Then, just a few months after a lung-lacerating virus took over the world, I was diagnosed with lung cancer. It was out of the blue, I had no symptoms, and all of a sudden I developed a new appreciation for the meaning of the word “vulnerable.”

Which made the prospect of returning to the world outside the air-purified confines of my quarantine bubble a paralyzing prospect. I had no idea how paralyzing until I faced my first flight in more than a year.


I had arrived at the airport three hours early. Despite the fact that I am vaxxed and was double masked, the crowds, the loud preboarding announcements, my health, and anticipatory angst over passenger antics spiraled me into sensory and anxiety overload. Disoriented, I missed my flight.

I missed another flight the next day.

In response to hearing about how spectacularly I had failed in my first attempts to reenter whatever is passing for normal life these days, a friend suggested breathwork. I’ll pause here so that you can roll your eyes, just as I did at first. “Next you’ll be recommending workshops in intuitive aura reading, chakra realignment, and channeling crystal energies from Lemuria,” I said, referring to the fabled continent.

It all sounded like so much wellness gobbledygook. During my three decades as an actress, I’d done my share of vocal training and deep belly breathing, but I’d never even considered that it might have palliative benefits. Two missed flights in as many days turned my initial skepticism into hope.

I decided to give it a month. I’d explore the options, try some classes, and see if I could experience the wonders I’d been reading about on the Internet — among them, better mental and physical health and improved sleep and brain function. What follows are the field notes of one woman’s deep dive into deep breathing.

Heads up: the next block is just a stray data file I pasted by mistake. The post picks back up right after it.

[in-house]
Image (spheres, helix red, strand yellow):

Fidgety and frustrated, I noticed myself holding my breath and gasping for air. How long had I been doing that?Adobe

Gasping for air

I signed up to learn a technique loosely inspired by Holotropic Breathwork, which was pioneered in the 1970s by the married psychoanalysts Stanislov and Christine Grof. The Grofs were true believers in psychedelics’ abilities to provide emotional relief, yet they sought to develop a technique that could induce non-ordinary states of consciousness without hallucinogens.


That sounded good to me. Via Zoom, a teacher trained in the Grofs’ method encouraged my fellow students and me to relax our prone bodies into an effortless natural breathing pattern and to focus our awareness on proprioception — our body’s ability to sense movement and its position in space. This is also sometimes called the sixth sense, and this moment was not the first time my vivid imagination would come in handy. Breathwork teachers tend to employ poetic prompts, encouraging students to “send breath” into their elbow or ankle or pinky toe, for example. The direction in my first class was no exception.

Guided by our teacher, we progressed from shallow chest breathing into deep diaphragmatic, or belly, breathing. Fidgety and frustrated, I noticed myself holding my breath and gasping for air. How long had I been doing that? I wondered. Had the specter of catching COVID while being treated for lung cancer changed the way I inhaled and exhaled as a matter of course? It seemed likely.